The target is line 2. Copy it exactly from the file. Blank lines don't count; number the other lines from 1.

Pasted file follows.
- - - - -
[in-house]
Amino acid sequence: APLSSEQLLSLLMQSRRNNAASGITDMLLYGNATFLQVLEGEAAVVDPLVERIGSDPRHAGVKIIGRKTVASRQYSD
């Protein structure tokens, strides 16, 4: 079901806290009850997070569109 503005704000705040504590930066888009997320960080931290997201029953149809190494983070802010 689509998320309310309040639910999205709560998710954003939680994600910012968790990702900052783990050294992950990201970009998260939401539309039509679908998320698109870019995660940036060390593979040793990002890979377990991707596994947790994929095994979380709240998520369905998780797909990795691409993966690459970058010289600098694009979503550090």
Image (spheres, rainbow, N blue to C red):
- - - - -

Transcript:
Amino acid sequence: APLSSEQLLSLLMQSRRNNAASGITDMLLYGNATFLQVLEGEAAVVDPLVERIGSDPRHAGVKIIGRKTVASRQYSD